0   0   1   0   0
            0   0   0   1   0 "/>
</filter>

Image showing a 'gray on dark' effect

Pulling it all together

The real power of feColorMatrix lies in its ability to mix channels and combine many of these concepts into new image effects. Can you read what’s going on in this filter?


<filter id="peachy">
  <feColorMatrix
    type="matrix"
    values="1   0   0   0   0
            0  .5   0   0   0
            0   0   0  .5   0
            0   0   0   1   0 "/>
</filter>

We’re using the red channel at its normal alpha channel, applying green at half strength, and applying blue on the darker alpha channels but not at its original color location. The effect gives us dark blue in the shadows, and a mix of red and half-green for the highlights and midtones. If we recall red + green = yellow, red + (green/2) would be more of a coral color:

Image showing what happens when we use the red channel at its normal alpha channel, apply green at half strength, and apply blue on the darker alpha channels but not at its original color location

Here’s another example:


<filter id="lime">
  <feColorMatrix
    type="matrix"
    values="1   0   0   0   0
            0   2   0   0   0
            0   0   0  .5   0
            0   0   0   1   0 "/>
</filter>

In that segment, we’re using the normal pixel hue of red, a blown-out green, and blue devoid of its original hue pixels, but applied in the shadows. Again, we see that dark blue in the shadows, and since red + green = yellow, red + (green*2) would be more of a yellow-green in the highlights:

Image showing what happens when we use the normal pixel hue of red, a blown-out green, and blue devoid of its original hue pixels, but applied in the shadows. Again, we see that dark blue in the shadows, and since red + green = yellow, red + (green*2) would be more of a yellow-green in the highlights

So much can be explored by playing with these values. An excellent example of such exploration is Rachel NaborsDev Tools Challenger, where she filters out the longer wavelengths (i.e., the red and orange channels) from the fish in the sea, explaining why “Orange Roughy” actually appears black in the water. (Note: requires Firefox.)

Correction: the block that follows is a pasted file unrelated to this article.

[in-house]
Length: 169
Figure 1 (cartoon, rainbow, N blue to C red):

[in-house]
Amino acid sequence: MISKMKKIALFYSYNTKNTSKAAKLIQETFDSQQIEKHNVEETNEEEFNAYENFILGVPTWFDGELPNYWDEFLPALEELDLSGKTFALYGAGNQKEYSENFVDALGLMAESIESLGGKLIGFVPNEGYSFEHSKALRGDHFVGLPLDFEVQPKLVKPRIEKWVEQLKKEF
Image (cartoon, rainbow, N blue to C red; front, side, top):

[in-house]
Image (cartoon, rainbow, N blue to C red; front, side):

How cool! Science! And color filters! Now that you have a basic grasp of the situation, you, too, have the tools you need to create your own effects.

For some of those really rad Spotify duotone effects, I recommend you check out an article by Amelia Bellamy-Royds, who goes into even more detail about feColorMatrix. Sara Soueidan also wrote an excellent post on image effects where she recreates CSS blend modes with SVG.

Filter effects reference

Once you understand what’s going on with the feColorMatrix, you have the basic tools to create detailed filters within a single contained filter definition, but there are other options out there that will let you take it even further. Here’s a handy guide to all of the fe-* options currently out there for further exploration:

  • feBlend: similar to CSS blend modes, this function describes how images interact via a blend mode
  • feComponentTransfer: an umbrella term for a function that alters individual RGBA channels (i.e. , feFuncG)
  • feComposite: a filter primitive that defines pixel-level image interactions
  • feConvolveMatrix: this filter dictates how pixels interact with their close neighbors (i.e., blurring or sharpening)
  • feDiffuseLighting: defines a light source
  • feDisplacementMap: displaces an image (in) using the pixel values of another input (in2)
  • feFlood: complete fill of the filter subregion with a specified color and alpha level
  • feGaussianBlur: blurs input pixels using an input standard deviation
  • feImage: for use within other filters (like feBlend or feComposite)
  • feMerge: allows for asynchronous application of filter effects, instead of layering them
  • feMorphology: erodes or dilates lines of source graphic (think strokes on text)
  • feOffset: used for creating drop shadows
  • feSpecularLighting: source for the alpha component as a bump map, a.k.a. the “specular” portion of the Phong Reflection Model
  • feTile: refers to how an image is repeated to fill a space
  • feTurbulence: allows the creation of synthetic textures using Perlin Noise

Additional resources